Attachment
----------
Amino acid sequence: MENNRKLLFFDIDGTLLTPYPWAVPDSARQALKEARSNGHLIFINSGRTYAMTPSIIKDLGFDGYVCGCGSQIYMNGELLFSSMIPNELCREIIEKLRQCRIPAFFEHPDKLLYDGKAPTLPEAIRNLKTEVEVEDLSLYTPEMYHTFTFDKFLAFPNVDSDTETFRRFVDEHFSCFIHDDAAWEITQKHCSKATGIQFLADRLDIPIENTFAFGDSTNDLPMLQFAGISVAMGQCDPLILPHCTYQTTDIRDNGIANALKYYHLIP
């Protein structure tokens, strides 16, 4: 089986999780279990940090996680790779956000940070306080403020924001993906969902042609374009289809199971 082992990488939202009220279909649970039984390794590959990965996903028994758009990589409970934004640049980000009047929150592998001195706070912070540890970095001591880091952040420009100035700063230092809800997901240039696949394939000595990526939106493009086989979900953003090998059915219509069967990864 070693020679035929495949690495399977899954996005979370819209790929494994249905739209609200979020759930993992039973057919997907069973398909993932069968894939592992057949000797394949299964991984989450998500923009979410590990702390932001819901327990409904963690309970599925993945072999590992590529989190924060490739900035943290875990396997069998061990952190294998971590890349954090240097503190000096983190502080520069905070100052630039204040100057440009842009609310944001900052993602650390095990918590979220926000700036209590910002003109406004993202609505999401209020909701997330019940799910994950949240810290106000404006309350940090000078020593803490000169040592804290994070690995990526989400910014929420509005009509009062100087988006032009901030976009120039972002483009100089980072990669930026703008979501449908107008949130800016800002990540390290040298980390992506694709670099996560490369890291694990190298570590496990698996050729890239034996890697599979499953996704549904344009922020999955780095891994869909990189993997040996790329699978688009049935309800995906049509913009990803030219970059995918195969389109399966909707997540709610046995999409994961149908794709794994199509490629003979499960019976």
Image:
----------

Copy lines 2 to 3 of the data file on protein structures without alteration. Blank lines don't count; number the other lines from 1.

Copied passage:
């Protein structure tokens, strides 16, 4: 089986999780279990940090996680790779956000940070306080403020924001993906969902042609374009289809199971 082992990488939202009220279909649970039984390794590959990965996903028994758009990589409970934004640049980000009047929150592998001195706070912070540890970095001591880091952040420009100035700063230092809800997901240039696949394939000595990526939106493009086989979900953003090998059915219509069967990864 070693020679035929495949690495399977899954996005979370819209790929494994249905739209609200979020759930993992039973057919997907069973398909993932069968894939592992057949000797394949299964991984989450998500923009979410590990702390932001819901327990409904963690309970599925993945072999590992590529989190924060490739900035943290875990396997069998061990952190294998971590890349954090240097503190000096983190502080520069905070100052630039204040100057440009842009609310944001900052993602650390095990918590979220926000700036209590910002003109406004993202609505999401209020909701997330019940799910994950949240810290106000404006309350940090000078020593803490000169040592804290994070690995990526989400910014929420509005009509009062100087988006032009901030976009120039972002483009100089980072990669930026703008979501449908107008949130800016800002990540390290040298980390992506694709670099996560490369890291694990190298570590496990698996050729890239034996890697599979499953996704549904344009922020999955780095891994869909990189993997040996790329699978688009049935309800995906049509913009990803030219970059995918195969389109399966909707997540709610046995999409994961149908794709794994199509490629003979499960019976």
Image: